In 2018, China implemented their \”National Sword \” banning imports of plastic waste to protect their environment and develop their own domestic recycling capacity. Since exporting plastic waste is a convenient way for high-income countries to avoid disposal costs and impacts at home, while counting them as “recycled” there has recently been a significant redirection of plastic waste shipments to other countries that are not equipped to safely and securely manage it.
The Basel Plastic Waste Amendments were enacted on January 1, 2021. They were designed to reduce the flow of dirty and mixed plastic wastes, in particular to developing countries. However, the full-year data shows that OECD countries continue to flood non-OECD countries with plastic waste in 2021.
Highest OECD Plastic Waste Exporters to Non-OECD Countries in 2021, with exports primarily going to Malaysia, Vietnam, Indonesia, and India:
Japan: Exported 560,730 tonnes/yr
United States: Exported 259,693 tonnes/yr
Netherlands: Exported 206,684 tonnes/yr
Germany: Exported 94,711 tonnes/yr
Australia: Exported 86,904 tonnes/yr
Belgium: Exported 66,451 tonnes/yr
United Kingdom: Exported 24,793 tonnes/yr
Turning Old Phones Into Furniture to Tackle Electronic Waste
Bloomberg reports: The office Ignacio Garcia shares with his colleagues is a showcase for his company’s creations—a plaque, one of the tables, even pots for his plants. The objects in the open-plan room are functionally distinct but share a common origin: the trash.
Garcia’s business recovers the components and raw materials from discarded electronic items for resale. It breaks down the plastic and metal bits it can’t sell, transforming them into new products. The Spanish company is called La Hormiga Verde, or “the green ant,” after Garcia’s antlike penchant for gathering and storing things. “I lost my job in 2018 and had to reinvent myself,” says Garcia, 50, an industrial engineer who spent 15 years in the biomass industry. “Looking at my mobile, I realized it was packed with recyclable materials. I saw a business opportunity.” Read more here.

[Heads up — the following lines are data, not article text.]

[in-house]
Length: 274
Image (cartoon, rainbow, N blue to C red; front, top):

Reminder: Reporting Requirement: Recyclers
In terms of the Extended Producer Responsibility (EPR) regulations, PROs are required to populate and record all of the information/details regarding the e-waste collected, transported and treated by our members. These monthly reports are collated and submitted six-monthly every June, followed by a yearly report at the end of December each year.
We\’ve attached two documents that require your attention and completion. We need a separate report for each calendar month.
Please complete the documents for the period November 2021 to the end of March 2022, and send them back to us by 22 April 2022.
Once we have received and collated the data, we will reach out to you to discuss and finalise and EPR fees due and payable to you.
If you have any questions, please do not hesitate to contact us.
The Fifth Estate/Enquête investigation has found that Canadian recycling companies are breaking the law by shipping illegal, unsorted household trash — hidden among approved recycling exports — to developing countries. But the federal government is keeping the list of names of those caught violating environmental and international laws secret from the public. In the last five years, at least 123 shipping containers have been returned to Canada for carrying unrecyclable trash.